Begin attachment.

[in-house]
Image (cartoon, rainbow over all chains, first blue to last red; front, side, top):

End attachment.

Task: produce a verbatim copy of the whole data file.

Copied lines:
[in-house]
Image (cartoon, rainbow over all chains, first blue to last red; front, side, top):